R&D Budgets Redux

April 23rd, 2004

Posted by: Roger Pielke, Jr.

In the New York Times today William J. Broad reports (registration required) on Kei Koizumi’s presentation at AAAS on R&D budgets that we referred to yesterday. The Times summarizes the implications of Koizumi’s analysis as follows,

“Federal support for research and development stands at $126.5 billion this year, and the administration has proposed increasing it over five years to $141.6 billion. But Mr. Koizumi found that large projected increases for research at the Department of Homeland Security and the National Aeronautics and Space Administration masked steep declines at all other nondefense agencies.

For instance, he said, federal budgets would decline 15.9 percent for earth science over the next five years, 16.2 percent for aeronautics, 11.8 percent for biological and physics research, 21 percent for energy-supply research, and 11.3 percent for agriculture research. Research budgets would drop 15 percent at the Environmental Projection Agency, 10.5 percent at the National Oceanic and Atmospheric Administration and 4.7 percent at the National Science Foundation.”

Koizumi’s analysis can be found here.

Budgets are slippery things to get a grasp on, so some perspective is worth providing about the AAAS analysis and Times report.

For the sake of discussion, let’s assume that Koizumi’s projections turn out to be on target (about which I should note Koizumi observes, “It’s only one idea of the future. But I show these because it’s an important consequence of the deficit. The president’s budget proposed tough choices.”)

It turns out that because 2005 happens to the all-time high water mark for overall federal funding for R&D, as well as for most agencies, any future reduction in budgets will look large as a percentage. But an accurate understanding of budget reductions requires placing them into the context of projections in the overall federal budget. Current projections have non-defense discretionary budgets returning to 2002 levels in 2009 (in constant dollars). Under the AAAS analysis in 2009 the budgets for the major science agencies would return to the following historical levels (again using constant dollars):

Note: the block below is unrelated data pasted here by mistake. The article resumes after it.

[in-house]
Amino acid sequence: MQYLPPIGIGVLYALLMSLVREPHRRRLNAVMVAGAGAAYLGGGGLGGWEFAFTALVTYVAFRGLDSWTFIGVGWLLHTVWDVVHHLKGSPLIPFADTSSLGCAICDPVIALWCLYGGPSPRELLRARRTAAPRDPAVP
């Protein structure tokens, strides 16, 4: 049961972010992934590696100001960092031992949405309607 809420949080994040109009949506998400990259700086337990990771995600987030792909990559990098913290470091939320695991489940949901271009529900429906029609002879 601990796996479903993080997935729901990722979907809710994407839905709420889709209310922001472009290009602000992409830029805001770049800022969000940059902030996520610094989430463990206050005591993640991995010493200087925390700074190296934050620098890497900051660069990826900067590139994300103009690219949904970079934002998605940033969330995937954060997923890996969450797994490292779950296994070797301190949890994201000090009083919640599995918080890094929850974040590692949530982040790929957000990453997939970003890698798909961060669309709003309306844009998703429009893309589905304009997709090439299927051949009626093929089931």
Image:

DOD all time high
DHS all time high
NASA highest since Apollo
NIH return to 2005 levels
NSF all time high
USDA return to 2004 levels
Interior return to 2002 levels
USDA return to 2002 levels
DOT return to 2001 levels
EPA return to 2003 levels
DOC return to 2001 levels

The bottom line: If overall non-defense discretionary funding is reduced in real terms from 2005-2009 to about the equivalent of 2002 levels, while the falling tide would lower all boats, it appears that with the exceptions of DOT and DOC, federal research and development agencies do no worse than the average decline, and in some case do significantly better.

Perhaps this is one factor underlying an observation made by Senator Tom Daschle’s (D-SD) in his AAAS speech yesterday, “But we should be honest with ourselves. Outside the scientific community, there is no hue and cry for more government funding of R&D.”

More generally, if the scientific community really wants to justify that it should receive a disproportionate share of federal funding as compared with the multitude other demands for public resources, shouldn’t the discussion about science and technology expand beyond discussing only the size of budgets? Again Senator Daschle, “We have not done enough to show the American people the connection between the work underway in your laboratories and the problems that affect their lives… The challenge to the American scientific community is to rebuild the link not only between science and government, but between science and society.”

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